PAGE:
This is a student assignment for the Norwegian oil and gas company StatoilHydro, The aim of this study is to investigate the potential of large scale production of biodiesel from microalgae. Since the technology is new and no large facilities exist to date, this report focuses on suitable technologies for future biodiesel production. There exist many different algae strains with high oil content e.g. Phaeodactylum tricornutum, Nannochloropsis salina and Botryococcus braunii. The alga Botryococcus braunii was first selected for large scale biodiesel production, but after encountering many problems when looking into the process, the string of Nannochloropsis salina was chosen instead. The high hydrocarbon content of B. braunii was one of the key factors when this alga initially was chosen, together with the algae’s ability to produce hydrocarbons during growth without the use of methods such as nitrogen starvation. Difficulties encountered when using this alga strain were separation problems since B. braunii has its hydrocarbons on the outside connecting the colonies, hence it is quite slimy. At the same time the colonies could be an advantage since the larger size means an easier separation. The fact that B. braunii is a fresh water algae is a big disadvantage in large scale production of biodiesel, if not having fresh water readily available, since this require a large desalination facility. Nannochloropsis salina on the other hand is a halotolerant string that prefers saline water similar to common seawater and has characteristics of producing high oil content within its cells. Nannochloropsis salina is therefore the alga strain used in this feasibility study for large scale biodiesel production. It is concluded that the most promising reactor type is the closed photobioreactor, since the other main alternative, the open pond, suffers from contamination risks, high evaporative losses of water and diffusion losses of CO2. Among the different types of closed photobioreactors; tubular, flat and polyethylene bags, the tubular seems to be the best choice since it has a higher photoefficiency than the flat reactor. The polyethylene bag reactor still needs developing and is not yet a viable alternative. After the algae have been harvested it is suggested that an increased dry weight is accomplished by a flocculation and sedimentation stage. The chosen method for the disruption of the cells is the utilization of a hydrodynamic cavitation process, followed by a stirring settling tank, where the oil floats and the cell debris sediment. Since hydrodynamic cavitation is a relatively unknown method, an alternative process using a wet bead mill for the cell breakage is presented as an alternative. However calculations are only performed on the former process alternative. In order to minimize losses in further refining and fulfill the EN 14214 standard for biodiesel production, the algal oil will in most cases need some kind of pretreatment. The most important purification steps will be degumming, which removes phosphorous content, as well as reaction of free fatty acids into methyl esters in order to avoid soap formation in the transesterification process. Suitable plant locations for StatoilHydro to put up a large scale biodiesel production facility are Qatar, South Africa and Australia. All cost estimates are made for a plant location in South Africa where the most suitable conditions can be found.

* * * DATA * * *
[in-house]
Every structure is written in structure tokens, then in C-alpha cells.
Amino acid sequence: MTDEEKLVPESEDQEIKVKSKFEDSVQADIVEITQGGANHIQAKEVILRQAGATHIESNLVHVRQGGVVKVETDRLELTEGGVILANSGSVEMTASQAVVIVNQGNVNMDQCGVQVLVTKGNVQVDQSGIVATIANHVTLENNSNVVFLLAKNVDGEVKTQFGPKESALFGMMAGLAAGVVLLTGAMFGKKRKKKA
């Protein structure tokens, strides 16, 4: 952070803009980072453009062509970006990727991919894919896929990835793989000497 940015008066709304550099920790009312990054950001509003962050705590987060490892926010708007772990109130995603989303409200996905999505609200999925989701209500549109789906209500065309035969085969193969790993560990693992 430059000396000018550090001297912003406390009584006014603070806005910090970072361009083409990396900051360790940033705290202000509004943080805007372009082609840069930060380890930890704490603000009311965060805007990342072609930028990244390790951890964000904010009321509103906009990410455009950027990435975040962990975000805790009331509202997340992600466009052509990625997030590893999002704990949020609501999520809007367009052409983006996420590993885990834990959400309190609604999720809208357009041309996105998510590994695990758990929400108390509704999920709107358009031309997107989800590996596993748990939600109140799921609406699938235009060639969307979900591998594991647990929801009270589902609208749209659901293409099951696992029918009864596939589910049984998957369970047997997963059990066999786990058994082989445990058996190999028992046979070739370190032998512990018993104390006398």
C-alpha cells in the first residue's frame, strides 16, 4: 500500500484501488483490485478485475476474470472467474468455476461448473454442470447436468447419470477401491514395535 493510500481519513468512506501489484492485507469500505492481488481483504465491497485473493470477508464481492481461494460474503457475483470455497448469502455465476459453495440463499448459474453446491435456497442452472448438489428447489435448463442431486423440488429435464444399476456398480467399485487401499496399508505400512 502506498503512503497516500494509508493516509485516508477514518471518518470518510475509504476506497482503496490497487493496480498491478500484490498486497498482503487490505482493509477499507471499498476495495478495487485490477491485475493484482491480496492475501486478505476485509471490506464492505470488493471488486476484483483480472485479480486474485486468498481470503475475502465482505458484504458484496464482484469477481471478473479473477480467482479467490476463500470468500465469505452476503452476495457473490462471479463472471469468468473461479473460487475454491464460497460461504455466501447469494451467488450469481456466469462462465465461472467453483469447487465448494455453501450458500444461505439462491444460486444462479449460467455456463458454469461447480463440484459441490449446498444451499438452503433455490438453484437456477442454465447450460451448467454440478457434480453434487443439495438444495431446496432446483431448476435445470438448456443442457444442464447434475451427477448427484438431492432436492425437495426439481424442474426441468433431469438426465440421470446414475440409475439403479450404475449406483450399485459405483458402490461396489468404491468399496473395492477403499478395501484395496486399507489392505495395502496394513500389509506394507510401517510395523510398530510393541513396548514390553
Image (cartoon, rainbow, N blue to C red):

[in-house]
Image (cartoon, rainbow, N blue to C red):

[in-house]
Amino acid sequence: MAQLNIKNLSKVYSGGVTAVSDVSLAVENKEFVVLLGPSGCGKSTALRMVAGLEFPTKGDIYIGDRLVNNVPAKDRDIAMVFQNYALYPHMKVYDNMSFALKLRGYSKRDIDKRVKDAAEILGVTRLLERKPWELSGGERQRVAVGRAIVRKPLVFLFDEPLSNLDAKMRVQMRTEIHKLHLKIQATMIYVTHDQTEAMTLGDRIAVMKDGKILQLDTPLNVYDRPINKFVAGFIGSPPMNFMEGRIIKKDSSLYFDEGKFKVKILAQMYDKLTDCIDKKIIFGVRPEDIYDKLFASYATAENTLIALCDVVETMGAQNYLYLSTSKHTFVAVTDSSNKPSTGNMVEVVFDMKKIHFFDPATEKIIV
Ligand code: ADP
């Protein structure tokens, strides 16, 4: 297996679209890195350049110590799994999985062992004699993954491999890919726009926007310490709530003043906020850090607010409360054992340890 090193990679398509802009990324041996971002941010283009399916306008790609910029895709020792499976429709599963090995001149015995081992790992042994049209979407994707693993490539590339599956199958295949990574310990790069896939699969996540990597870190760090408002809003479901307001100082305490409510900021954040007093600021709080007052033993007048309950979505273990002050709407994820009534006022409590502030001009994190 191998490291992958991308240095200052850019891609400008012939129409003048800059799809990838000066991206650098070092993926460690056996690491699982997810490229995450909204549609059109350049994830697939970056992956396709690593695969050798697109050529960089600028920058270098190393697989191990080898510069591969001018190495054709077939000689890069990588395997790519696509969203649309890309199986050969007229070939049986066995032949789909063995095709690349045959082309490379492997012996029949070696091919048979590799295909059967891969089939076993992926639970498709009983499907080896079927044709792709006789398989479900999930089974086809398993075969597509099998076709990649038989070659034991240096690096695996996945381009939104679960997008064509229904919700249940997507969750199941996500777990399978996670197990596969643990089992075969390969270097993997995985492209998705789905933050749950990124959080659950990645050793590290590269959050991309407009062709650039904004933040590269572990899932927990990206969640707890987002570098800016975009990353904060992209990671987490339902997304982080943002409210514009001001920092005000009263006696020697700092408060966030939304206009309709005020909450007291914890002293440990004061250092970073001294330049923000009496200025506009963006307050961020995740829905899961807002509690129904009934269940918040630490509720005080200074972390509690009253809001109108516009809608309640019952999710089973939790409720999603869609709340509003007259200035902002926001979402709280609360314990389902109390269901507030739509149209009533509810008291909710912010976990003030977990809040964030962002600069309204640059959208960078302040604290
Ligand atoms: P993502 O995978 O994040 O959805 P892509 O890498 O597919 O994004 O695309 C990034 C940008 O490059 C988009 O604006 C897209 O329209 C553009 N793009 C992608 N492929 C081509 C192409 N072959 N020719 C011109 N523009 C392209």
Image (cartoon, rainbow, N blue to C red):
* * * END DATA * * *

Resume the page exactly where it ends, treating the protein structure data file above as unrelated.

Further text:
III